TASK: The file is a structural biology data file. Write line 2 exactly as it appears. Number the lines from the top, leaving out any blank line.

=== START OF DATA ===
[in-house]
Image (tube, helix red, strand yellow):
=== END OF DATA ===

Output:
Image (tube, helix red, strand yellow):